Over the past two decades, six systematic syntheses of prior work on the effect of health IT (including EHR systems, CPOE, clinical decision support systems, e-prescribing, telemedicine, and administrative functions) found some evidence of benefit.10–15 While, according to Buntin et al,10 there is growing evidence of a positive association between use of health IT and quality of care, particularly among studies using recent data, two recent meta-syntheses of review literature published during 1994–2010 (Black et al11 and Lau et al12) suggested that the gap between the postulated and empirically demonstrated benefits of health IT is still significant, and encouraged application of robust research methodologies to evaluate health IT against a comprehensive set of performance measures. Technologies such as CPOE in conjunction with clinical decision support systems have been shown to improve quality in specific organizational settings such as large academic hospitals that had developed in-house systems over long periods of time.6 7 13 14 16 17 However, critics argue that such contextual evidence may not be generalizable, because commercially available systems may vary significantly from technologies developed at pioneering institutions.8 For example, there is recent evidence of potential disadvantages in using systems such as CPOE that may lead to the introduction of unintended medication errors, potentially harming patients.18 Further, it is not simply technology alone but also experience in using the technology that matters for quality.18 19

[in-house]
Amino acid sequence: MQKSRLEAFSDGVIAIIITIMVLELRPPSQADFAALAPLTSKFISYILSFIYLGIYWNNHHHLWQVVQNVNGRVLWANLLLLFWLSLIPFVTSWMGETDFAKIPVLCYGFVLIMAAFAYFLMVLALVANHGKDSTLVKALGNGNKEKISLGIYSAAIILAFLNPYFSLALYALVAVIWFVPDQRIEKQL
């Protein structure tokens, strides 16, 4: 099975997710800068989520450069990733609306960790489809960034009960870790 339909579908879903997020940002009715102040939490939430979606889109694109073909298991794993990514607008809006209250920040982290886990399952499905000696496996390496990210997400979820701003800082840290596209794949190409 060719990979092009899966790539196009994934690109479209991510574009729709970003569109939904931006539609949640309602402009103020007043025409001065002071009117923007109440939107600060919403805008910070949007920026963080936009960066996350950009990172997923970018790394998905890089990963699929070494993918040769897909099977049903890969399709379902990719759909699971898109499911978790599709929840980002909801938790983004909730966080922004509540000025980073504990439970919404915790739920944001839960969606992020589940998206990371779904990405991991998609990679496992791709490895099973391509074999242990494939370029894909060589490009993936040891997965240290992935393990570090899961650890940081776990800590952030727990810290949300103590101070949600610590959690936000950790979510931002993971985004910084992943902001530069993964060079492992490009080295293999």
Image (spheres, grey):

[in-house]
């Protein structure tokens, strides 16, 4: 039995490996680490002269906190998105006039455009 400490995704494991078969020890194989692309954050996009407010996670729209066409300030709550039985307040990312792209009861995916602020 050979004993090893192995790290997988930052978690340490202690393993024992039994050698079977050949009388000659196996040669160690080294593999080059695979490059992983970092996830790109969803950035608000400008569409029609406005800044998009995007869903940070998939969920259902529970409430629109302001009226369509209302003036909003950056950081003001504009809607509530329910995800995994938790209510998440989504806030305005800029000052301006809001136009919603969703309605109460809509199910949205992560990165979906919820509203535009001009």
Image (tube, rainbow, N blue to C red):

From a policy perspective, such concerns are important given that the adoption and use of health IT in US hospitals is still quite varied. In 2009, Jha and colleagues reported that only 1.5% of US hospitals had what they term a “comprehensive” EHR system, with an additional 7.6% having a basic system.20 A subsequent survey in 2010 showed a marginal increase in EHR adoption—about 2.7% for comprehensive EHR and 7.9% for basic EHR system.21 Not surprisingly, small, public and rural hospitals are much less likely to have EHR systems. Moreover, 40% of US hospitals do not even have implementation plans for technologies such as CPOE.20 21 The uneven and non-random distribution of EHR systems in US hospitals means that simply looking at the relationship between presence, or better yet comprehensiveness, of EHR systems and quality can be problematic, even when controlling for hospital characteristics.16 22 In this retrospective observational study, our primary purpose is to examine the relationship between health IT use, measured by both presence of specific systems and the duration of their use, and adherence to medication guidelines for select conditions including acute myocardial infarction (AMI), heart failure (HF), pneumonia (PN), and surgical care infection prevention (SCIP). We focus on two core technologies supporting both ends of the medication management process: CPOE systems used for ordering medications, and eMAR systems used for administration of medications. In this study, we used a national sample of 2603 medium-to-large non-federal acute-care hospitals. We excluded small hospitals (<100 beds), which are least likely to have any IT systems. We also excluded use of pharmacy system technologies that support intermediary steps of the medication management process (eg, dispensing of medication) as they are already ubiquitous among medium-to-large hospitals (>99% had adopted). We analyzed the data using a generalized linear model with logit link to perform binomial logistic regression of medication quality measured during 2009 against health IT adoption status by 2008, controlling for several hospital characteristics. Regressing 2009 quality on IT adoption through 2008 ensured at least a 1-year lag between technology adoption and quality measurement, enabling us to tease apart the impact of technology use on hospital quality by comparing the adopters with non-adopters.